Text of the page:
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I am trying out the MOQ framework and up now I have hit a barrier. The following unit test fails because the actual value of the ViewName property is an empty string.

Could anyone point me in the right direction please as to why this is not passing the test?

public void Can_Navigate_To_About_Page()
    var request = new Mock<HttpRequestBase>();
    request.Setup(r => r.HttpMethod).Returns("GET");
    var mockHttpContext = new Mock<HttpContextBase>();
    mockHttpContext.Setup(c => c.Request).Returns(request.Object);

    var controllerContext = new ControllerContext(mockHttpContext.Object, 
                                new RouteData(), 
                                new Mock<ControllerBase>().Object);
    var controller = new HomeController();

    controller.ControllerContext = controllerContext;
    var result = controller.About() as ViewResult;

    Assert.AreEqual("About", result.ViewName);

The following also yields an empty ViewName.

        HomeController controller = new HomeController();
        ViewResult result = controller.About() as ViewResult;
        Assert.AreEqual("About", result.ViewName);

From examples on the web which demonstrate mocking and also good TTD I am just confused as to what other plumbing I need to make either of the above first unit test example work.



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2 Answers 2

up vote 7 down vote accepted

The reason the test is failing is because what decides the ViewName when you do not specify one explicitly is in the depths of the framework. More precisely in the view engine I believe. So to test this as it stands you would have to mock out a lot more of the request pipeline.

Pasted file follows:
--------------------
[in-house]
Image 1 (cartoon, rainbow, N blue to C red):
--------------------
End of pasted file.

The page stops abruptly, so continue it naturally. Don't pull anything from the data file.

What I do, and would recommend, is to not rely on the defaults and specify the view explicitly:

return View("About");

Then the value will be there to test without mocking anything:

var controller = new HomeController();
var result = controller.About() as ViewResult;
Assert.AreEqual("About", result.ViewName);
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Thankyou, after seeing one of the method signatures is View(string viewName, object model) your point makes perfect sense! P.s. the test passed! :-) –  REA_ANDREW Jul 30 '09 at 14:41

This is because you're making assumptions about how the MVC framework works. If you're relying on the conventions to locate the view, the framework actually leaves the ViewName property as String.Empty until ExecuteResult() is called.

You can see this code on line 68 of ViewResultBase.ExecuteResult within the MVC source:

if (String.IsNullOrEmpty(ViewName)) {
   ViewName = context.RouteData.GetRequiredString("action");

Furthermore, you should be careful about what you're testing. As a rule of thumb, you should focus on testing the code you write, not the framework's code. Testing to make sure the view name by convention is resolved correctly is really a unit test for the framework itself, not an application built on it.

If you're looking for a good way to employ mocking in MVC, you may want to look at testing your routes (which sort of looks like what you're trying to do here). You can find a post by Phil Haack concerning just this subject to get you started.

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